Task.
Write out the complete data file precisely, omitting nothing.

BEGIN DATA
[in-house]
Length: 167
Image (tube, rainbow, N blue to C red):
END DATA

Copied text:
[in-house]
Length: 167
Image (tube, rainbow, N blue to C red):